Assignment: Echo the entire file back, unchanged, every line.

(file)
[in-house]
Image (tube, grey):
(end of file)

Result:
[in-house]
Image (tube, grey):